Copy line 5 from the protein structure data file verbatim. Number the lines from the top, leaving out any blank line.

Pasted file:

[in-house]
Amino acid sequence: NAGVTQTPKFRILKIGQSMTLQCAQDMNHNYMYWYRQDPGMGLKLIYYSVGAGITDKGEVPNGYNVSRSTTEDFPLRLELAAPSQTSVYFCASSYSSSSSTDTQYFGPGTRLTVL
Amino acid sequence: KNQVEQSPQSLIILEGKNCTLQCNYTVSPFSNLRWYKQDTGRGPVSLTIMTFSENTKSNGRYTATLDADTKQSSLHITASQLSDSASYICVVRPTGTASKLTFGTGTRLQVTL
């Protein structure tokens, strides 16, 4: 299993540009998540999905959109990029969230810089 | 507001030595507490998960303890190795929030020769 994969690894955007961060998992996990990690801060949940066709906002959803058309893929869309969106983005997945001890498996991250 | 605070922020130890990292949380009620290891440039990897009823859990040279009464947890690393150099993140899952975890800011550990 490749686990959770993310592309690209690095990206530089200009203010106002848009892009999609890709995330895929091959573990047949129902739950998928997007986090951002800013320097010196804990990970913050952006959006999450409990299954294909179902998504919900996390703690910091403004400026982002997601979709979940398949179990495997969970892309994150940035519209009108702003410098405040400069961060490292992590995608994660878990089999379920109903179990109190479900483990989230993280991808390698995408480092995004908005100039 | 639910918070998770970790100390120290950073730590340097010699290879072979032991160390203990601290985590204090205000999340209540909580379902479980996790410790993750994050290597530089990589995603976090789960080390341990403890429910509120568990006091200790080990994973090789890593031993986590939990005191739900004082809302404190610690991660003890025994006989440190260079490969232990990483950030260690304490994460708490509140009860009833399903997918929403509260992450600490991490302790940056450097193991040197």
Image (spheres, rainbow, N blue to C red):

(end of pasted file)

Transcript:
Image (spheres, rainbow, N blue to C red):